Y-DNA Haplogroup K and its Subclades - 2014
The entire work is identified by the Version Number and date given on the
Main Page. Directions for citing the document are given at
the bottom of the Main
Version History Last
revision date for this specific page: 1 January 2014
Because of continuing research, the structure of the Y-DNA Haplogroup Tree changes and ISOGG
does its best to keep the tree updated with the latest developments
in the field. The viewer may observe other versions of the tree on the Web. Email
Alice Fairhurst if the differences need
clarification or if you find any broken links on this page.
Contact Person for Haplogroup K:
K M9, P128/PF5504,
Private SNPs are being removed from the tree and placed in the following category:
K1 P60, P304, P308
K2 P79, P299, P307
K3 P261, P263
Private SNPs - After having been investigated, these SNPs have not met the population distribution
criteria for placement on the tree. Either too few confirmed positive testers have been found OR multiple
confirmed testers were confined to either a single surname or to a small group of related males.
- M147 is downstream of M256. Listed 6 August 2012.
- Identical SNPs that were discovered separately are listed in alphabetical order, not necessarily in
the order of discovery, and separated by "/". Examples: M74/N12, M184/USP9Y+3178.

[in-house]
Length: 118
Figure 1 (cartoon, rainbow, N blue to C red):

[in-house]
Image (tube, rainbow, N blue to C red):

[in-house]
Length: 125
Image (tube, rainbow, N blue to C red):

- The Karafet et al (2008) paper made a major change to Haplogroup K. The subgroups formerly
known as K1 and K7 was moved to M2 and M3, respectively, and K2 and K5 became Haplogroups S and T, respectively.
- The 50f2(C) deletion in the AZFc region of the human Y chromosome has been observed in several
different haplogroups and is not a unique event polymorphism. It is notable, however, that it
has been detected at relatively high levels in subgroups of K in Melanesia - K* (21%), and K3 (14%).
Y-DNA haplogroup K is an old lineage established approximately 40,000
thousand years ago whose origins were probably in southwestern
Asia. At present this group contains two distinct
classes of subgroups: (1) major groups L to T
(refer to the main tree at Y-DNA Haplogroup Tree)
and (2) minor groups K* and K1 to K4 which do not have any of the SNPs defining
the major groups. These groups are found at low frequencies in various parts
of Africa, Eurasia, Australia and the South Pacific.
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Corrections/Additions made since 1 January 2014: